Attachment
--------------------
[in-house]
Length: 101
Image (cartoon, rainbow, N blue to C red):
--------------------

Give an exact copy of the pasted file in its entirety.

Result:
[in-house]
Length: 101
Image (cartoon, rainbow, N blue to C red):